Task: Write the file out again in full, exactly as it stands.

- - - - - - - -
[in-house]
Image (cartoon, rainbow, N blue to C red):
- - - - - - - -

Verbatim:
[in-house]
Image (cartoon, rainbow, N blue to C red):